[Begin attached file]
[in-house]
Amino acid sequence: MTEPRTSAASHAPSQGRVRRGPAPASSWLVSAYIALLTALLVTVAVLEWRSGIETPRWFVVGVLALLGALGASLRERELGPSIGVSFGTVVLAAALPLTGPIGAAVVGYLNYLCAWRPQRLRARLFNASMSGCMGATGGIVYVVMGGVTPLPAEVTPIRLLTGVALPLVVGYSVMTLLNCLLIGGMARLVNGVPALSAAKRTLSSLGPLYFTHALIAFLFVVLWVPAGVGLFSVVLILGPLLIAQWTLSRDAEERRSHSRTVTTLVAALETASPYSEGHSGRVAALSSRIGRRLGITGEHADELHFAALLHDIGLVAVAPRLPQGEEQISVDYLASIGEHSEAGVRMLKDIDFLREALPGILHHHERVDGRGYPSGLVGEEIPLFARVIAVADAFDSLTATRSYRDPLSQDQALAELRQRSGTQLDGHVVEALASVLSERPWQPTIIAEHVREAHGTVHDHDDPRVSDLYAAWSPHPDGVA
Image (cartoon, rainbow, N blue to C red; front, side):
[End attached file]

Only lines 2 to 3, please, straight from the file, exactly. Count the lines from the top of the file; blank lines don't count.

Amino acid sequence: MTEPRTSAASHAPSQGRVRRGPAPASSWLVSAYIALLTALLVTVAVLEWRSGIETPRWFVVGVLALLGALGASLRERELGPSIGVSFGTVVLAAALPLTGPIGAAVVGYLNYLCAWRPQRLRARLFNASMSGCMGATGGIVYVVMGGVTPLPAEVTPIRLLTGVALPLVVGYSVMTLLNCLLIGGMARLVNGVPALSAAKRTLSSLGPLYFTHALIAFLFVVLWVPAGVGLFSVVLILGPLLIAQWTLSRDAEERRSHSRTVTTLVAALETASPYSEGHSGRVAALSSRIGRRLGITGEHADELHFAALLHDIGLVAVAPRLPQGEEQISVDYLASIGEHSEAGVRMLKDIDFLREALPGILHHHERVDGRGYPSGLVGEEIPLFARVIAVADAFDSLTATRSYRDPLSQDQALAELRQRSGTQLDGHVVEALASVLSERPWQPTIIAEHVREAHGTVHDHDDPRVSDLYAAWSPHPDGVA
Image (cartoon, rainbow, N blue to C red; front, side):